UTIs in Children: How They Happen and How to Treat Them When They Do

UTIs in Children

Urinary tract infections (UTIs) can be common for many children. They occur when bacteria travel into the urethra (i.e., the tube that connects to the bladder) and multiply. Children, and in particular girls, have shorter urethras which make it easier for bacteria to travel through and attach to the bladder. Normally, urine is sterile, meaning it does not contain any bacteria. However, bacteria from the anus can find their way into the urethra and cause a UTI—the bacteria E. coli is most often the cause of urinary tract infections.

Symptoms 

Depending on your child’s age, it may be difficult to tell when a UTI has developed. Usually, the bacteria will cause swelling and irritation in the bladder and urethra. This leads to the following symptoms:

» Belly pain 

» Pain and/or burning with urination 

» Having to pee frequently (sometimes it’s just a few drops)

» Fever

» Foul-smelling urine 

» Cloudiness or blood in the urine

» Back pain (this can be an indication of a more severe 

infection) In babies, symptoms of a UTI are similar to those of other infections, including fussiness, crying, and fever. Babies may also experience blood in the urine.

Prevention

If your child suffers from chronic UTIs, prevention is key to breaking the cycle; good hygiene especially for females is vital. 

Top 4 UTI Prevention Tips

  1. Do not use any soap in and around the urethra and vulva for females; water alone is best for cleaning. Do not use any harsh or fragranced soaps for males. 
  2. After using the washroom, females should wipe from front to back (not back to front). This will prevent the spread of E. coli to the urethra.
  3. Wear breathable underwear, preferably cotton. 
  4. Do not hold your pee - holding it can allow bacteria to more easily grow within the bladder.

Diet also plays a role in the prevention of UTIs. Studies show that no particular diet causes UTIs on its own, but certain foods can affect the health and environment of the bladder, making it more susceptible to UTIs.

Food and beverages linked to an increase in UTIs:

» Sugary beverages

» Meat (particularly poultry and pork) can increase the acidity 

of the bladder, which provides a better environment for bacteria to grow

Bladder irritants to avoid during an infection:

» Coffee and tea

» Artificially-sweetened beverages 

» Carbonated beverages

Bladder irritants are not linked directly to an increase in UTIs, but they can increase discomfort and even cause symptoms similar to a UTI.

Cutting out certain foods can be difficult, especially with your little ones. The great news is that you can also add food and drinks to their diet to help in prevention. 

Foods That Help

  1. Water - This should be the main source of hydration for our little ones.
  2. Breastfeeding - Studies show that breastfed infants have a 50 percent lower risk of developing UTIs compared to non-breastfed infants.
  3. Unsweetened 100% cranberry juice - Cranberries contain certain molecules that block bacteria from being able to attach to the bladder and urethra, which reduces the risk of developing a UTI by 20 percent.5 Try sweetening it yourself with a little bit of honey or maple syrup, and dilute it with water to make it more palatable.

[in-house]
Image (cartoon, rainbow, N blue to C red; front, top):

4. Freshly-squeezed berry juice - Just like cranberries, other berries (like blueberries) contain the same molecules that prevent bacteria from attaching to the bladder.
  5. Fibre - People who consume high-fibre diets, which improve constipation, are less likely to develop a UTI. This is partially because constipation increases the risk of UTIs. Examples of fibrous foods include apples, berries, avocados, broccoli, peas, sweet potatoes, lentils, chia seeds, flax seeds, chickpeas, and brown rice. 

Diagnosis

If you suspect your child has a UTI, please consult a medical professional immediately. Getting treatment as soon as possible will help minimize the severity of the infection. Your doctor may diagnose a UTI by assessing symptoms and testing a urine sample for bacteria. 

Treatment

If it turns out your child has a UTI, the best course of action is to consult your family doctor, pediatrician, or a walk-in clinic to assess the need for antibiotics. The prompt introduction of antibiotics will allow for clearance of the bacteria from the bladder before the infection spreads further down the urinary tract. In addition, drinking lots of water can help flush the bacteria out of the bladder.If you are concerned about the side effects of antibiotics, these can be addressed with a visit to your medical or naturopathic doctor. The most common side effects are loss of appetite, nausea, vomiting, diarrhea, headache, dizziness, and allergic skin reactions.You may consider adding a probiotic to help mitigate these side effects.

Supplementation

  1. Probiotics - Lactobacilli-type probiotics are dominant in the bladder. Studies show that taking probiotics can reduce recurrent UTIs by 80 percent.
  2. D-Mannose - This is a sugar that is derived from cranberries. As mentioned previously, cranberries contain molecules that prevent bacteria from flourishing in the bladder.
  3. Fibre - A fibre supplement might be a good work-around if you have a picky eater. 

Always consult a healthcare practitioner before starting or changing any supplement or medication. The type, form, and dose matter, so getting guidance is always suggested.

UTIs in children should be addressed as quickly as possible to prevent the infection from worsening. It may be best to use an antibiotic to clear the infection, but there are lots of other strategies to be used to prevent recurrence and ensure a healthy bladder and urinary tract.

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